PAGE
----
Saturday, May 07, 2005

Once in a while you forget

One semester I did this awful internship in DC. My history with new places is a bit of a joke to everyone I know. When I first went to college, I hated it. I thought I would leave after the first year and never go back. I ended up loving it, though. When I went to DC, I hated it the whole time. When I first came to grad school, I thought Minneapolis was the worst place in the world. I don't mind it so much now.

However, I didn' t have that much time to get to know DC. I had a semester. And I was miserable.

I met a really good friend there, though. We had our internships through this awful organization, but one of the things that this organization did was plan a bike trip through the city. I guess it was to orientate us to the city. Whatever. They said it was a ten-mile bike trip, but it was more like sixteen. I was sore for days.

Our semester was a waste. We did whatever we could to get out of work. I left in the middle of the day, regularly. We walked to the nearest 7-11 and I bought her beer so she could drink it illegally in our apartment and I drank more Slurpees in that four month period than the rest of my life combined. I loved the Metro, hated the noise. Loved the Washington Post, hated the people who all dressed and looked a like. Most of all, I was homesick for the familiar. Some people do well with new people constantly in their faces. I am not one of those people.

My mom's family lives in Pennsylvania. For Thanksgiving, we got someone to give us a ride halfway to their house and they came to pick up my friend and I.

I was sick. I was so stressed and hated so much the lifestyle I had been living, my body was revolting. As soon as I got to my aunt and uncle's house, I fell asleep on thier living room couch. I woke up, my throat was so sore I could barely speak, and my aunt took it upon herself to take me to the store to get some cough drops and medicine.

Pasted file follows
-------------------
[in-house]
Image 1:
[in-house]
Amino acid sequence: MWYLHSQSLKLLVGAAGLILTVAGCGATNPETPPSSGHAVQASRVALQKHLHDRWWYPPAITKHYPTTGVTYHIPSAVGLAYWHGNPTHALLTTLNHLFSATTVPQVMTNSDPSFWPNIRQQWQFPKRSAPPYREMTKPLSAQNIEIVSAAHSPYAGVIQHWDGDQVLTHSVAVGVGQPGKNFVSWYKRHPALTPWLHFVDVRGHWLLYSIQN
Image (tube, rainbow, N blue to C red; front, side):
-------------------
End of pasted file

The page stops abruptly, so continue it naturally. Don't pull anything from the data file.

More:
This is Pennsylvania in November. It was snowing like mad. So much snow I wouldn't have left the house at all. But she shrugged, packed me in the car, and drove me to the store. The whole time she talked to me, telling me how proud everyone was of me, and that they knew it would all be better and that the semester would be over soon enough and wasn't it GREAT that I could come visit them and they were so happy to see me and my friend and she was my own personal cheerleader. I've never forgotten how happy it was that my aunt took me to the store. We got some Sucrets, but it was her talking to me that made me feel better.

When we got back to her house, I fell asleep again. Meanwhile, what you should keep in your mind is that my friend has never met any of my family before and now I've completely zonked out.

I wake up and my family is with my friend in the next room playing Scrabble. We're a Scrabble family. Other families play Trivial Pursuit, but we play Scrabble. They are YELLING at my friend over the playing of "yeti," claiming it is proper noun. When looked up in the dictionary, it is found to be both. My friend claims triumphant victory. And that's why I love my family. They make everyone feel at home.

My aunt is really sick. And I want to be her cheerleader now, just like she was mine. In her time of need, I want to tell her that I love her and that it will be better soon and that everyone's so proud of her and that she's doing GREAT and that soon we'll see each other and we can go frolicking in the snow again. But I don't think that I'll get to do that soon. Because she's sick. So I send cards and I send my love, but I can't be there to cheerlead in person. And that's what makes grad school so difficult. It has destroyed my personal life and replaced it with jokes about Robert Putnam and b-hats.

So I can't foget the time my aunt spent with me and making me feel better. I need to remember. I need her to remember. And that's the hardest part. She gets my cards and letters and doesn't remember. But I remember. Because how do you forget such love?

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